UGLY NORDHOFF BECOMES BEAUTIFUL OJAI (Oct, 1923)
Charlie, here is the same scene from the bottom of the page at Google Maps.
UGLY NORDHOFF BECOMES BEAUTIFUL OJAI
By C. MORAN
THE transformation of a shack-and-shanty town into a place of architectural delight, virtually overnight, is the accomplishment of the citizens of Ojai, Calif. Cement turned the trick.
The town—formerly called Nordhoff— was a typical frontier settlement. Ramshackle buildings lined the main street. Treacherous mud-holes filled the road. Then, as if touched by a magic wand, the town was changed into a thing of beauty.
Outdoor Community Elevator / Three-Wheeled Auto (Oct, 1924)
The Hollywood High Tower elevator is still there and still in use.
To that let me add this aerial view from Google Maps.
Outdoor Community Elevator Serves Dwellers on Lofty Hillside
Rising like the tower of a Spanish mission from a hillside in Hollywood, Calif., is a unique community elevator which residents have built to solve the problem of getting to their homes. The tower, surmounted by an artistic cupola, rises from a practically level street to a height of about 100 feet. About one-third of it is located in a concrete shaft within the hill. The elevator itself is reached through a fifty-foot tunnel cut in the solid rock, is electrically operated and controlled with a push button by the user.
Brick Lion Guards City Hall (Mar, 1930)
While it does have that whole Minecraft/8-bit look about it, that is a pretty terrible rendition of a lion.
Brick Lion Guards City Hall
AN INTERESTING illustration of what can be done with common, ordinary brick is demonstrated by the modernistic lion that guards the door to the City Hall in Ruestringer, Germany. Several thousands of brick were required to make this figure which is an integral part of the structure. The irregular spacings provided the greatest difficulty but were overcome by a miniature scale model. This is but one example of the many uses to which brick are being put.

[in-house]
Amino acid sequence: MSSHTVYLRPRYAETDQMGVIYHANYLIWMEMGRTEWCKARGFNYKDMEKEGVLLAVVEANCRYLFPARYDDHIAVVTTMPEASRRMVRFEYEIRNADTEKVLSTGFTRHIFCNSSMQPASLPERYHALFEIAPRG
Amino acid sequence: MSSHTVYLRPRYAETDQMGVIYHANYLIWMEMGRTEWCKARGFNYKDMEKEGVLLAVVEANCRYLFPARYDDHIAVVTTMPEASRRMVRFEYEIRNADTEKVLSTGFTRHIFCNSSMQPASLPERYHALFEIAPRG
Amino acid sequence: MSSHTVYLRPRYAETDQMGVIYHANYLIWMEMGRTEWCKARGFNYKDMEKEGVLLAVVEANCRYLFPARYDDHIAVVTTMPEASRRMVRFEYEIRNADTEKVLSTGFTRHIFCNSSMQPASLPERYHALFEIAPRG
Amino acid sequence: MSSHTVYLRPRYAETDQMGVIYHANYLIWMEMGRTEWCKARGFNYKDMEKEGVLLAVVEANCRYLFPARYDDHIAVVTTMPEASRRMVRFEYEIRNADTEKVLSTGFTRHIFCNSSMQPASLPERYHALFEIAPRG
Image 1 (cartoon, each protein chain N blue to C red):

Super Terminal for Trucks (Sep, 1947)
I grew up right near this building and it really is quite massive. It is now one of UPS’s main hubs in Manhattan.
Super Terminal for Trucks
Colossal union truck terminals like this will help reduce the paralyzing congestion of city streets.
By William Winter
IF ANYTHING bothers the people of the New York metropolitan area as much as the significance of the A-bomb, it is their diabolical traffic problem. Having tried bridges, vehicular tunnels, and express highways, the Port of New York Authority is now doing something spectacular about the 2,500 intercity buses and 5,000 trucks that daily jam the city streets.
BUILDING IS MODELED AS BIRTHDAY CAKE (May, 1929)
I remember this building from when I lived in Minneapolis. It was built by Wilber Foshay, a utility magnate who was later convicted for running a pyramid scheme. Check out the Wikipedia entry for an interesting story about its dedication celebration. Apparently Foshay hired John Philip Sousa compose a march for the occasion but it was only played that one time because his check to Sousa bounced. It wasn’t until some investors in Minnesota paid his bill that it was heard again.
It seems like every time I read about Sousa it has something to with copyright or music piracy.
BUILDING IS MODELED AS BIRTHDAY CAKE
SUGAR and flour were used in building up the birthday cake model of the Foshay building pictured in the photo at the right. The Foshay tower, built in the city of Minneapolis, was recently described in the pages of Modern Mechanics. The birthday cake held the center of the table at a dinner given in San Francisco to celebrate the opening of the W. B. Foshay building in that city.